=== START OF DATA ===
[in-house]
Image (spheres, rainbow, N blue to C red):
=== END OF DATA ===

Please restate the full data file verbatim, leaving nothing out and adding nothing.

[in-house]
Image (spheres, rainbow, N blue to C red):